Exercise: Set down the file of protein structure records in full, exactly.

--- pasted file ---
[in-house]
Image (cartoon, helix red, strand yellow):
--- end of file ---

[in-house]
Image (cartoon, helix red, strand yellow):